29th July 2021
Follow our tips to make sure you get the right person for the job, pay the right amount and have a smooth fitting process once they arrive.
Use our Which? Trusted Traders search tool below to find reliable floor fitters in your area.
If you’re paying a professional, you’ll usually first be visited by an estimator, who will work out how much you need and how long it will take.
Get a couple of quotes before you commit to a fitter to avoid paying over the odds.
The initial estimate usually assumes that the sub-floor on which the new floor will be laid is in good condition. However, this is not always the case – if, once your existing floor is lifted, you find that floors are uneven or floorboards are missing or squeaking, the duration of the work and the price can go up. Ask your fitter about this in advance if you have particular concerns.
Once you've agreed on a fitter and arranged a date, ask them what they'd like you to do to prepare.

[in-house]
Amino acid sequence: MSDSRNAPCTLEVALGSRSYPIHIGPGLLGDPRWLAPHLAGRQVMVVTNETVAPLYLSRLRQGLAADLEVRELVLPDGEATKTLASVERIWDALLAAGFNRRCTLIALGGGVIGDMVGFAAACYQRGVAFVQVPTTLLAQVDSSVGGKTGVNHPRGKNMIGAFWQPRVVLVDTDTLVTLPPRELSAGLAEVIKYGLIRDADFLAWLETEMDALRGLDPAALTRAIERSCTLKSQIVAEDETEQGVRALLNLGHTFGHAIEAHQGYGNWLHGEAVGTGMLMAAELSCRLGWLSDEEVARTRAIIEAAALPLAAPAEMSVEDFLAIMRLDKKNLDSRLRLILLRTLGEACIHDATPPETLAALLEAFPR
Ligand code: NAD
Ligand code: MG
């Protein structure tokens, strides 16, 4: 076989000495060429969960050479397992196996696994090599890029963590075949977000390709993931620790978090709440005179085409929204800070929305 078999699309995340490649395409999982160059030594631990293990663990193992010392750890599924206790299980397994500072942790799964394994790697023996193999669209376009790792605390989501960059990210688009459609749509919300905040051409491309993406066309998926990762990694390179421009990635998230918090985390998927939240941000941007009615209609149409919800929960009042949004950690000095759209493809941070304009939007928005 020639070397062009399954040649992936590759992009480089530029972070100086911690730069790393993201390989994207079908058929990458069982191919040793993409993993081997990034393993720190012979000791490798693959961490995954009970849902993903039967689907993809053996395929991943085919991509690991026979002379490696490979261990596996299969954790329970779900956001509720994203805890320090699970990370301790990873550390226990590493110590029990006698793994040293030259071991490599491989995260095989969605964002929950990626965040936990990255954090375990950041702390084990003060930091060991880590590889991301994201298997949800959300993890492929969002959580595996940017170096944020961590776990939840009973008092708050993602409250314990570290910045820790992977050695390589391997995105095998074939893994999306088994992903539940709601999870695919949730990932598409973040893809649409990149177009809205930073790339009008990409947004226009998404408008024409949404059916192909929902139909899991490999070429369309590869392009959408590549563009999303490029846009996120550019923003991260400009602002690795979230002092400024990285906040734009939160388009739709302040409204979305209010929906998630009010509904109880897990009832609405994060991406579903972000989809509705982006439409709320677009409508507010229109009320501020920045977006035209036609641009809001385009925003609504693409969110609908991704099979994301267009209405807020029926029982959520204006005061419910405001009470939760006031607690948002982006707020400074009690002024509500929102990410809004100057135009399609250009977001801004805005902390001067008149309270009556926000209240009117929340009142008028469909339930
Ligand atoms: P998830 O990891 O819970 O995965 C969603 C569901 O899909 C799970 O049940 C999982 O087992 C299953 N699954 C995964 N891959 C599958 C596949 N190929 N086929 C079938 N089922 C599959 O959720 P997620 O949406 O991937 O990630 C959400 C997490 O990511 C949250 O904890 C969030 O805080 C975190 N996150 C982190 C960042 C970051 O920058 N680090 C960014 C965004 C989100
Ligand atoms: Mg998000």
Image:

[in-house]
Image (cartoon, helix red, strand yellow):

You'll usually find that it's up to you to remove all your furniture and existing floor coverings, and check that all the existing floorboards are fixed.
Make sure the floor is clean and dry, and that all nails are knocked in.
Once a floor is laid, it is difficult to get to features under the floorboards. So if you are likely to need to access your central heating pipes or run cables under the floor for a surround-sound system, wired security monitors or telephone, you should do this before the floor is laid.
To get the best finish, remove skirting boards and put them back after the floor has been laid. Your fitter may do this for you.
You'll save time in the long run by pointing out any potential problems to the estimator who comes to see your property. For example, let them know if rooms have been knocked together, or chimney hearths have been removed, as this could affect the level of the sub-floor.
Hidden features, such as sunken or raised hearths, or floors at slightly different levels will take more time to lay over as the fitter will have to create an even surface first.